Copenhagen, Denmark

In the house I grew up in Columbus, OH, we had a big picture on the wall behind the living room sofa.  I remember it being sort of impressionistic with colorful buildings, a canal and some old ships.  The inscription at the bottom said Copenhagen.  When I was planning my trip, I knew I’d have to make an effort to get there, and happy I did.

So I heard from a few Danish people that many Americans think Denmark is the capital of Sweden.  I felt so bad, and I feel an obligation to do my part to help clear this up.  Denmark is a sovereign country in Scandinavia along with Sweden and Norway.  This is their flag…Finland is sometimes thrown into the Scandinavia mix due to geographic location, but strictly speaking, it’s just those three countries.  Denmark is a constituional monarchy similar to the UK with all the real power resting with the prime minister.  It’s part of the European Union, but they do not use the euro which means they kept their currency… the Danish Kroner.I hear they’re quite proud of this fact now that euro is in trouble.  Copenhagen is the capital city of Denmark.  Stockholm is the capital of Sweden.

In the UK, I discovered a tourism company called Sandeman’s New Europe.  They offer “free” guided walking tours in English of several major European cities.  It’s actually donation based, and just about everyone gives something.  I usually tip the equivalent of five dollars since it’s a 3 hour tour that gives you loads of ideas for things to look into further.  You don’t need to register beforehand.  Just show up at the designated meeting point and tell them how you learned about the tour and where you’re staying.  I joined the Copenhagen group on my first full day in the city, and felt a lot better getting around afterwards.  Between the tour, and walking around on my second day, I took all of the following photos.

A characteristic of Copenhagen that really blew me away was the number of cyclists.  I’d say there are just as many bikes on the road as cars.  Scenes like this are quite common… just parking lots of bikes every where.  Really awesome to see.

I also made a brief visit to Christiania.  I was told not to take any pictures in this area and to watch myself due to its seedy nature.  I think the closest description in the US to this place is a hippy commune.  The area is known for its artists, libertarian views, and marijuana.  It started out as a very peaceful group, but I hear has acquired a criminal element in recent years.  The residents don’t consider themselves to be a part of the EU, and there’s even a sign saying “You are entering the EU” when you leave Christiania.  I wish I could have taken some photos because there was some cool artwork.  I felt a bit out of place walking through there without a big joint in my hand, though.  There are loads of police officers standing just outside the boundaries of Christiania, so I wasn’t really worried for my safety.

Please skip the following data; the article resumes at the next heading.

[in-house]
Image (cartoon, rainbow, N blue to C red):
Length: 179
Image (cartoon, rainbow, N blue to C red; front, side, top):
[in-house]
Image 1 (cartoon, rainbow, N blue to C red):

For my three nights in Copenhagen, I stayed in a small independently run hostel.  This is very different from the usual for me, but I think was good because I ended up meeting more people.  They had free yoga, but the space for that was under construction while I was there, so no yoga.  I wouldn’t have been able to wake up by 7:00 AM anyway to do it.  I loved the small cozy vibe of the place, but it felt a bit cramped at times.  The owner was really chill though, and I admired the fact she combined a cafe with her hostel.  Nice touch, however, the cafe also served as the common area and was crowded in the mornings and most evenings.  For beds, they had these cubby hole cubicle style beds.  Those are my legs.There were two dorm rooms in the hostel… mine had 8 beds and the other had 12 beds.  Each cubby hole had a curtain you could close to create a private space.

I had to climb up to my bed on those 2×4’s which made me feel like I was 12 years old.  Nothing like hostel life to make you feel young.

At this point, Denmark was just starting to reveal itself.  I broke away from my usual practice of only staying in hostels and actually Couchsurfed.  It was definitely a positive experience, and I’ll write about it in my next post.  I’ve been on the road for three and half months, but keep making changes and reevaluating things all the time.  Probably a good thing.

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3 thoughts on “Copenhagen, Denmark

  1. Interesting post and great pictures 😉 This Christiania place certainly sounds somewhat shady but intriguing. I might be going to Copenhague in early December but I’ll only have 1.5 days. Do you think that’s enough time to do anything?

  2. Hey Annie, since you don’t have much time, I’d say just pick 2-3 things. It will be chilly in December, but if it’s not raining, go for a walk down Strøget. It’s the main market street and very scenic. Nyhavn (New Harbor) is a must as well and a great place to have lunch or a coffee at one of the cafes. If it’s raining, maybe go checkout Rosenburg Castle or the National Museum. Stop at one of the many pastry places for a sweet treat. In the evening, go to a pub and have a pint of Carlsberg (Copenhagen’s most famous beer). Safe travels.

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